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Indirect discourse

DOI
10.4324/9780415249126-X018-1
DOI: 10.4324/9780415249126-X018-1
Version: v1,  Published online: 1998
Retrieved October 19, 2019, from https://www.rep.routledge.com/articles/thematic/indirect-discourse/v-1

Article Summary

Indirect discourse is a mode of speech-reporting whereby a speaker conveys the content of someone’s utterance without quoting the actual words. Thus, if Pierre says, ‘Paris est belle’, an English speaker might truly say,

  • (1) Pierre said that Paris is beautiful.

In English, sentences of indirect discourse often have the form ‘A said that s’, where ‘A’ refers to a person and ‘s’ is often called the ‘content sentence’ of the report.

Sentences of indirect discourse have been classed with attributions of belief (and other psychological states) in view of an apparent conflict with the ‘principle of the intersubstitutability of coreferring terms’, which states that the truth-value of a sentence does not alter if one term in a sentence is replaced with another referring to the same thing. If (1) is true and ‘Paris’ and ‘the City of Light’ refer to the same thing, (2) may still be false:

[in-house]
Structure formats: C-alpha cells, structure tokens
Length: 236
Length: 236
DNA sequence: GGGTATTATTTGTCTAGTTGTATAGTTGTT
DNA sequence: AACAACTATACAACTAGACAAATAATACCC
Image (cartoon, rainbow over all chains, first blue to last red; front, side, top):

• (2) Pierre said that the City of Light is beautiful.

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Citing this article:
Segal, Gabriel. Indirect discourse, 1998, doi:10.4324/9780415249126-X018-1. Routledge Encyclopedia of Philosophy, Taylor and Francis, https://www.rep.routledge.com/articles/thematic/indirect-discourse/v-1.
Copyright © 1998-2019 Routledge.

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